Thereafter, block 508 illustrates the association of each shadow register with a different hardware failure. The ASIC 400 has special logic to trap error conditions which prevent POST from executing. Each shadow register is associated with a different one of the hardware failures which result in those error conditions which prevent POST from executing. The process then passes to block 510 which depicts the copying of the asset information stored in the EEPROM registers to the shadow registers. The process then terminates as illustrated by block 512.
FIG. 6 depicts a high level flow chart which illustrates the processing of an error and the sending of asset information from a client computer system which generated the error to a server computer system in accordance with the method and system of the present invention. The process starts as depicted by block 600 and thereafter passes to block 602 which illustrates a determination of whether or not the power-on-self-test (POST) can run. When POST can run even though an error has occurred, the asset information may be obtained by software from the registers included within EEPROM 402. If POST can run, the process passes to block 604 which depicts a determination of whether or not POST detected an error during its execution. If a determination is made that POST did detect an error, the process passes to block 606 which depicts booting the client computer system. The process then passes to block 608 which illustrates the client computer system continuing normal processing.
Referring again to block 604, if a determination is made that POST did detect an error during its execution, the process passes to block 610 which depicts POST determining the type of error which occurred. Next, block 612 illustrates POST identifying the part or parts which caused the error. Thereafter, block 614 depicts the retrieval of the asset information from the EEPROM registers about the part(s) which caused the error. The process then passes to block 616 which illustrates the building of a network packet which includes the retrieved asset information. Block 618, then, depicts the client computer system sending the packet including the asset information to the server. The client computer, thereafter, continues normal processing as illustrates by block 608.
Referring again to block 602, if a determination is made that POST cannot run, the process passes to block 620. When POST cannot run, the error is a type of hardware failure such that software is not able to retrieve accurate asset information from EEPROM 402. For hardware failures, the asset information must be obtained from the shadow registers included within ASIC 400. Block 620 illustrates ASIC 400 determining the type of error. Next, block 622 depicts ASIC 400 identifying the part or parts which caused the error. Thereafter, block 624 illustrates the retrieval of the asset information from the shadow registers in ASIC 400. The process then passes to block 616 so that the asset information may be included in a network packet which is sent to the server computer system.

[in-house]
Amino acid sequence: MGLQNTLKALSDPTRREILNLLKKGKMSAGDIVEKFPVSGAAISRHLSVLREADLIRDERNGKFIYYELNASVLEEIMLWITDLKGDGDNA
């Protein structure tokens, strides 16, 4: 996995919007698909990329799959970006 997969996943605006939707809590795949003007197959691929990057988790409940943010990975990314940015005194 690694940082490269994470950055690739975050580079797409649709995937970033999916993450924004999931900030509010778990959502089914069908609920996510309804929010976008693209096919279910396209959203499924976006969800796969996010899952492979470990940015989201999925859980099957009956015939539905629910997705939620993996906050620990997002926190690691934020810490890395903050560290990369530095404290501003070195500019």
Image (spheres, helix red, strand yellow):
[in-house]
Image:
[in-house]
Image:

FIG. 7 is a pictorial example of a plurality of errors which may occur within a client computer system and their associated asset information in accordance with the present invention. For each type of error, an associated part number and serial number are stored. For example, a processor failure generates an error code of "100". Because this type of error is detected utilizing hardware, the asset information, part number and serial number in this case, are stored in EEPROM 402 in storage locations 416 as well as in shadow registers 414 in ASIC 400. When a defective fan condition occurs, the asset information is stored only within EEPROM 402 because this type of error is detectable utilizing software.
While a preferred embodiment has been particularly shown and described, it will be understood by those skilled in the art that various changes in form and detail may be made therein without departing from the spirit and scope of the present invention.
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|U.S. Classification||709/224, 714/46|
|International Classification||G06F15/17, G06F15/173, G06F13/38|
|Oct 8, 1998||AS||Assignment|
Owner name: INTERNATIONAL BUSINESS MACHINES CORPORATION, NEW Y
Free format text: ASSIGNMENT OF ASSIGNORS INTEREST;ASSIGNORS:CROMER, DARYL C.;KILMER, GREGORY W.;PRUETT, GREGORY B.;AND OTHERS;REEL/FRAME:009517/0487
Effective date: 19981007
|Dec 19, 2002||FPAY||Fee payment|
Year of fee payment: 4
|Aug 4, 2005||AS||Assignment|
Owner name: LENOVO (SINGAPORE) PTE LTD., SINGAPORE
Free format text: ASSIGNMENT OF ASSIGNORS INTEREST;ASSIGNOR:INTERNATIONAL BUSINESS MACHINES CORPORATION;REEL/FRAME:016891/0507
Effective date: 20050520
Owner name: LENOVO (SINGAPORE) PTE LTD.,SINGAPORE
Free format text: ASSIGNMENT OF ASSIGNORS INTEREST;ASSIGNOR:INTERNATIONAL BUSINESS MACHINES CORPORATION;REEL/FRAME:016891/0507
Effective date: 20050520
|May 18, 2007||FPAY||Fee payment|
Year of fee payment: 8
|May 12, 2011||FPAY||Fee payment|
Year of fee payment: 12
|Nov 25, 2015||AS||Assignment|
Owner name: LENOVO PC INTERNATIONAL, HONG KONG
Free format text: NUNC PRO TUNC ASSIGNMENT;ASSIGNOR:LENOVO (SINGAPORE) PTE LTD.;REEL/FRAME:037160/0001
Effective date: 20130401